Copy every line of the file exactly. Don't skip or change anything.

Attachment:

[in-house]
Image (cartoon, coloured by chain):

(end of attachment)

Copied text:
[in-house]
Image (cartoon, coloured by chain):